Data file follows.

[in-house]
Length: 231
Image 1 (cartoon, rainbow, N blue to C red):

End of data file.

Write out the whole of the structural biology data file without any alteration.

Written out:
[in-house]
Length: 231
Image 1 (cartoon, rainbow, N blue to C red):